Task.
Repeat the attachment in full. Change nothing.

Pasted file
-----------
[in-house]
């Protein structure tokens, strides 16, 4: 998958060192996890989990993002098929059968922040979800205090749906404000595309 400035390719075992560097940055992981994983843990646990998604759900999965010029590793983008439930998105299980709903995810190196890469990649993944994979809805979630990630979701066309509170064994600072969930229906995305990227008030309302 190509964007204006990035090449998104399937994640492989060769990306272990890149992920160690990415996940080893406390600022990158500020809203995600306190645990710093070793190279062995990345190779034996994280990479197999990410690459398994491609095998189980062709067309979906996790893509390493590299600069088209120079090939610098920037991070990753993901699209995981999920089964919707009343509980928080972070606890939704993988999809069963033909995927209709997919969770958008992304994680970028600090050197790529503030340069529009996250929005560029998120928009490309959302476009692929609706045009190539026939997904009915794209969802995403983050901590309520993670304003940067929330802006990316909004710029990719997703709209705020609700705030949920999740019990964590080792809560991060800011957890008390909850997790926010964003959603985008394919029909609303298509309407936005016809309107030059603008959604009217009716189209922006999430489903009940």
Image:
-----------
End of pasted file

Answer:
[in-house]
């Protein structure tokens, strides 16, 4: 998958060192996890989990993002098929059968922040979800205090749906404000595309 400035390719075992560097940055992981994983843990646990998604759900999965010029590793983008439930998105299980709903995810190196890469990649993944994979809805979630990630979701066309509170064994600072969930229906995305990227008030309302 190509964007204006990035090449998104399937994640492989060769990306272990890149992920160690990415996940080893406390600022990158500020809203995600306190645990710093070793190279062995990345190779034996994280990479197999990410690459398994491609095998189980062709067309979906996790893509390493590299600069088209120079090939610098920037991070990753993901699209995981999920089964919707009343509980928080972070606890939704993988999809069963033909995927209709997919969770958008992304994680970028600090050197790529503030340069529009996250929005560029998120928009490309959302476009692929609706045009190539026939997904009915794209969802995403983050901590309520993670304003940067929330802006990316909004710029990719997703709209705020609700705030949920999740019990964590080792809560991060800011957890008390909850997790926010964003959603985008394919029909609303298509309407936005016809309107030059603008959604009217009716189209922006999430489903009940």
Image: